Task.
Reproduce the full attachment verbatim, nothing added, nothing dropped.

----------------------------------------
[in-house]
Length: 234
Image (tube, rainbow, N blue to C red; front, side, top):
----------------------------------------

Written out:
[in-house]
Length: 234
Image (tube, rainbow, N blue to C red; front, side, top):